THE STATS: 23 JAC selection exercises (excluding senior judicial) completed between 1 April 2018 and 31 March 2019: 4,917 applicants, 1,986 shortlisted, 1,013 recommendations for immediate appointment.


The dangers of self-assessment? The Chancery Bar Association has expressed concern about the process of self-assessment and the weight the JAC places on a candidate’s own assessment of his or her ability. In a letter to Lord Kakkar, Chairman of the JAC, Amanda Tipples QC (3 June 2018), then ChBA Chair said: ‘[S]ome candidates with the skills to be a judge are lost from the application process by dint of their own modesty or inexperience in this type of form-filling and this, it seems to us, is a matter of real concern. Further, in the light of the feedback received, we are concerned that self-assessment is an area where, in particular, women and BAME candidates may be disadvantaged.’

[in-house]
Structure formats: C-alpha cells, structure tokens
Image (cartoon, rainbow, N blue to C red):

The letter went on to say: ‘Based on the anecdotal evidence we have received, we understand that candidates who (at their own considerable expense) engage consultants to advise or assist them with completing the self-assessment in the application form (and interview training in due course) often fare better in the application process than those who have not done so.’


Adrian Jack was a Justice of the Supreme Court of Gibraltar for three years. He is starting an appointment as a Justice of the Commercial Court in the British Virgin Islands.

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Adrian Jack

Adrian Jack was a Justice of the Supreme Court of Gibraltar for three years. He is starting an appointment as a Justice of the Commercial Court in the British Virgin Islands.